Rate changes have slowed to a trickle over the past week as the mortgage market settled following the latest cut in funding costs.
Most of the changes of the past few days have been from non-bank lenders. These lenders were generally slower than the banks to move rates after the fall in wholesale funding costs prompted by the Reserve Bank's prediction on 5 June that the official cash rate (OCR) would be coming down by the end of the year, earlier than anticipated.
Some of the reductions coming through from the non-banks have been steep; United Home loans for example has reduced rates on one, two and five-year terms by 50 basis points.
Economists are continuing to recommend that those who need to refinance now should look to fix for six months or one year in the hope that cheaper funds will be available at the end of those terms.
Westpac has trimmed its six-month rate by 10 points to 9.75% where it sits in the mid-ground of prices over this term. Rates over six months now range from 9.6% to 9.95%. Rates over one year range from 9.3% to 10.95%.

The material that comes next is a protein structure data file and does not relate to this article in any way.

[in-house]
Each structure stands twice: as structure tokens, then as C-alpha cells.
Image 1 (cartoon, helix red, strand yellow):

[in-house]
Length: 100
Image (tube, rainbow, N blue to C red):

One-year terms may be tempting for many as they are cheaper than six-month finance and allow for the possibility that rates do not fall in a straight line. Borrowers should note that lenders' advertised rates are often negotiable, particularly through brokers, and that some lenders offer discounts on larger loans. Presto Direct, formerly Presto Mortgages, a non bank lender set up two years ago, has just relaunched its range, offering brokers the opportunity to offset commission from the lender to offer discounts to clients.
Mortgage rates may be falling but conditions in the property market remain difficult, as confirmed by the news that another finance company, St Laurence has ceased lending and raising funds from the public. The company says that it has been hit by late payments by property developer borrowers as well as low levels of reinvestment by investors.
Even when the OCR begins to fall from its current level, 8.25%, there are doubts that rates will fall to the low levels of recent years. Tony Alexander, chief economist at the BNZ has forecast that the OCR will be close to 6% towards the end of next year. The two-year fixed rate for mortgages will fall to below 8.5% late this year and will hit the five-year average of 7.8% next year. But he thinks it is unlikely that it will fall to the 6.5% low seen in 1999, 2001 and 2003 in the forthcoming rate cut cycle.